Study Finds Breastfeeding, CoSleeping Mothers Get More Sleep
Not at all surprised.
Researchers at the College of Nursing at East Tennessee State University found that breastfeeding mothers get more sleep when sharing sleep with their baby (i.e. sleeping within an arm’s reach of baby, or ‘cosleeping’).
Previous studies have found that breastfed babies have protective stages of healthy sleep/wake cycles – reducing the risk of SIDS and other breathing, hormonal, and bio-regulatory irregularities. It was previously thought that because breastfed babies spend more of their day and night in an alert state, that their mothers may have less sleep than formula fed babies’ mothers.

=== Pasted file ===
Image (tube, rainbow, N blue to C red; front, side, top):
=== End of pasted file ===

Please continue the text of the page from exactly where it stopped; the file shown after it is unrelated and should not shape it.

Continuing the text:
Drs. Stephanie Quillin and Lee Glenn, who led the study at East Tennessee State, sought to address the unsolved question of whether there is an interaction between the type of feeding (breastfed or formula fed) and sleep arrangements (sharing sleep vs. solo sleeping) that impacts mothers’ postpartum…
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